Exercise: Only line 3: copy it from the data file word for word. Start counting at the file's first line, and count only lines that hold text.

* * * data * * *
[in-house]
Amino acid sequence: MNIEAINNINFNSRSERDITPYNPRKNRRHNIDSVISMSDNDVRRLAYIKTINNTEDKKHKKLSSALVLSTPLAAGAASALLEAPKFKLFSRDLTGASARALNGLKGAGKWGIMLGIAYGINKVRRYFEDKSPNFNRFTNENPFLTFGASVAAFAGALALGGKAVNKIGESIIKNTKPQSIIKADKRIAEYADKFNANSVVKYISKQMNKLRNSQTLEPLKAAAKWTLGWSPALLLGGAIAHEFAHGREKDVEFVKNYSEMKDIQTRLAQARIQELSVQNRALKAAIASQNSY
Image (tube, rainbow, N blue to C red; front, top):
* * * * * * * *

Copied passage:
Image (tube, rainbow, N blue to C red; front, top):